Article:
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CSIR researcher receives L'Oreal-UNESCO Sub-Saharan Africa 2016 Award

Publication Date: 
Tuesday, October 11, 2016

Stephanie Fanucchi, a CSIR cell biologist, was awarded the 2016 L'Oreal-UNESCO Sub-Saharan Africa Award for her work involving the use of cutting-edge microscopes and synthetic biology tools to understand how immune genes are regulated. For the past 18 years, the L'Oreal-UNESCO for Women in Science (http://www.ForWomenInScience.com) programme has encouraged, promoted and honoured female scientists all over the world.

Contact Person

Tendani Tsedu

+27 (0) 12 841 3417

mtsedu@csir.co.za

A cell biologist at the Council for Scientific and Industrial Research (CSIR) was awarded the 2016 L'Oreal-UNESCO Sub-Saharan Africa Award for her work involving the use of cutting-edge microscopes and synthetic biology tools to understand how immune genes are regulated.

For the past 18 years, the L'Oreal-UNESCO for Women in Science (http://www.ForWomenInScience.com) programme has encouraged, promoted and honoured female scientists all over the world. More than 2 500 researchers from 112 countries have been distinguished for their extraordinary discoveries and supported at key moments in their careers.

Dr Stephanie Fanucchi, senior researcher at the Biomedical Translational Research Initiative (BTRI), an initiative of the CSIR and the University of Cape Town, funded by the Department of Science and Technology was a recipient of the L'Oreal-UNESCO Sub-Saharan Africa 2016 postdoctoral fellowship of 10 000 euros.

Her research uses cutting-edge microscopes and synthetic biology tools to understand how immune genes are regulated. Her project focuses on deciphering the roles of non-coding RNAs in immune gene regulation, which she will conduct in Prof. Musa Mhlanga's laboratory, BTRI technical manager.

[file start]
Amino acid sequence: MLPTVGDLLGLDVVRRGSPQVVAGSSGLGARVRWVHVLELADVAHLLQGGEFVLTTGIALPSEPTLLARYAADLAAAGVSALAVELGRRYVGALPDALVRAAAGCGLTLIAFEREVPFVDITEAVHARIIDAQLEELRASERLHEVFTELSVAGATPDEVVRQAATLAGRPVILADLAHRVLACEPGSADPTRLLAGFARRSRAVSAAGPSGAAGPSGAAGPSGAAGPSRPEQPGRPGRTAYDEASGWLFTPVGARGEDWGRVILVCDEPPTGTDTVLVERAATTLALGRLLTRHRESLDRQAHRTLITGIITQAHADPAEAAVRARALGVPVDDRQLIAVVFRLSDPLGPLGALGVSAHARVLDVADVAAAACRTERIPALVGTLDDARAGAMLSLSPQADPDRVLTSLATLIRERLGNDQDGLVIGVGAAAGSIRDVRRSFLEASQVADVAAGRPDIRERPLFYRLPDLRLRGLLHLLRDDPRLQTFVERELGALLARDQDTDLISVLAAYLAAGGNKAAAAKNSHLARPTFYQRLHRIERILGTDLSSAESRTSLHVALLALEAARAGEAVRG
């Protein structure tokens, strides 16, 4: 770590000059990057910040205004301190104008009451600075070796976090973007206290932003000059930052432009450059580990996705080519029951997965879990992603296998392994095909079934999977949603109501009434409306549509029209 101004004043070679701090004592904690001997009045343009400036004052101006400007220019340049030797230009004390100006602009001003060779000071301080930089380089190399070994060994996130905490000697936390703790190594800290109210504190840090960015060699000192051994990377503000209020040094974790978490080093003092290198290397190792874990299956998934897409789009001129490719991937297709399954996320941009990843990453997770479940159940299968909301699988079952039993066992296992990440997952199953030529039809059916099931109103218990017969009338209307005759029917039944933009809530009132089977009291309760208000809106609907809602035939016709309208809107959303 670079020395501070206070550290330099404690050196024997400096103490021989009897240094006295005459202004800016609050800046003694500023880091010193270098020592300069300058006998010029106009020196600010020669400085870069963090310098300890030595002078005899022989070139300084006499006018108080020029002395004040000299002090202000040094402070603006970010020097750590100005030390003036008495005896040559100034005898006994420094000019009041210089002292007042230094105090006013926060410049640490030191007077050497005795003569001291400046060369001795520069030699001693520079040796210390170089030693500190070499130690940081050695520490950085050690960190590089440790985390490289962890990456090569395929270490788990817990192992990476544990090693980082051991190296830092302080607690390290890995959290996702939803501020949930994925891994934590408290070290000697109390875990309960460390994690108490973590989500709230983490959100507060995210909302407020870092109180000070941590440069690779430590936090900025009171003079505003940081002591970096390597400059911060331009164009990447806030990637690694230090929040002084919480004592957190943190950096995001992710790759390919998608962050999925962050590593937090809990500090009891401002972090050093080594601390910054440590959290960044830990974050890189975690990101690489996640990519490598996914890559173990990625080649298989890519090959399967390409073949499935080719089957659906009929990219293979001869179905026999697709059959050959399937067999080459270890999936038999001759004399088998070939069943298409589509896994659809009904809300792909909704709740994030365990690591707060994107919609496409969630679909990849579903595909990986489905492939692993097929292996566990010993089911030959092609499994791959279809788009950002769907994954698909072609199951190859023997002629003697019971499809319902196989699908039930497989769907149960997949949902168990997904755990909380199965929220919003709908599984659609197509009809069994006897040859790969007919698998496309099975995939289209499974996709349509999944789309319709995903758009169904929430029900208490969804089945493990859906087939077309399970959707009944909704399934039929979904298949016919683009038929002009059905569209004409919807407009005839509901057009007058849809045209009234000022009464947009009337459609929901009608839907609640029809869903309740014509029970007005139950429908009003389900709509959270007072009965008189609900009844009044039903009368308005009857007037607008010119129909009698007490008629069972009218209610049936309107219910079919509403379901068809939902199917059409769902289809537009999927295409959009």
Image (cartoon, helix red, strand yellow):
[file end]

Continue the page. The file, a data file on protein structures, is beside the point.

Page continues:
"Aberrant gene regulation underpins a multitude of disease states, including autoimmune disease and cancer. Yet, despite this, our understanding of the intricacies of gene regulation remains poorly understood," says Fanucchi. "Therefore, a detailed understanding of immune gene regulation will have far-reaching implications with respect to our understanding and treatment of cancer, chronic diseases such as diabetes, allergy responses and a host of other diseases and important cellular processes."

The prestigious ceremony where fellows were presented with the award took place on 28 September at The Venue Greenpark, Johannesburg.

ENDS

For more information, please contact: Mr Tendani Tsedu, CSIR Media Relations Manager at 082 945 1980 or 012 841 3417 or mtsedu@csir.co.za

About the CSIR:

The CSIR is one of the leading scientific and technology research, development and implementation organisations in Africa. Constituted by an Act of Parliament in 1945 as a science council, the CSIR undertakes directed and multidisciplinary research, technological innovation, as well as industrial and scientific development to improve the quality of life of all South Africans. For more information, visit www.csir.co.za